• No. 5 Angle of Attack. A jabbing, lunging, or punching attack directed straight toward the attacker’s front.
  • No. 6 Angle of Attack. An attack directed straight down upon the defender.
  • No. 7 Angle of Attack. An upward diagonal attack toward the attacker’s lower-left side.
  • No. 8 Angle of Attack. An upward diagonal attack toward the attacker’s lower-right side.
  • No. 9 Angle of Attack. An attack directed straight up-for example, to the attacker’s groin.

Some other very simple, but effective, techniques you can use include the following.

IF you are standing toe to toe with an attacker, you simply lift the cane tip and deliver a foot-crushing smash to his or her instep.

If you happen to be seated when attacked, you can deliver a straight-up, hinge-like strike to the groin or strike the stomach or chin.

If your attacker throws a kick, punch, or grab, you can deliver a sharp, forceful block with your cane shaft to inflict pain, set up a countermove or takedown. Once you do that, finish the fight with multiple strikes to vital areas until the attacker is down and out.

If attacked with a stick or knife, the cane can be used to deflect the strike.

Retaining Your Weapon

It is VERY IMPORTANT that you don’t have your weapon taken from you and used against you. So, I need to give you a weapon retention tip. If you attacker grabs your cane tip, break it free from them by rotating against the thumb, snap down, and twist the tip away the same way, you would break free from a grab. Practice this with someone and don’t assume it’ll be as easy as it sounds. The last thing you want is your means of defense taken away from you.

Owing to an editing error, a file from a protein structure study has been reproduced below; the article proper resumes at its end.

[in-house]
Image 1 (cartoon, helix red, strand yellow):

In one of my articles I wrote about concealed carry so, this begs the questions “Should the cane be carried by someone who also has a concealed carry pistol or knife?”

Well, my answer is yes, because as mentioned before, you may find yourself in an environment where you cannot carry your weapon. Although authorized to carry my firearm, I cannot take it to my federal job or into my kid’s school. What if I end up in an active shooter situation in one of those places and all I have is my cane. With training and practice you can learn to use your cane to establish distance, deflect, circle, or even take down an attacker, and then draw your concealed weapon immediately after. The cane may provide you a fraction of a second or a little distance to keep you from getting tied up in a close-range encounter, enabling you to shift position, draw, and connect with a shot.

When it comes down to it, a cane can be a great “all the time weapon.” THE IDEA IS TO HAVE IT WITH YOU WHEN YOU CAN’T HAVE A WEAPON OR EVEN IF YOU CAN.

Click here for brutally effective self defense moves taught by Derek Smith.

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One thought on “How To Use A Cane For Self Defense by Derek Smith”

  1. I walk with a cane so the advice is most welcome. One always hopes that the lessons and advice that you give will never need to be used in a situation of real personal danger. “Be prepared” is the motto. Thank you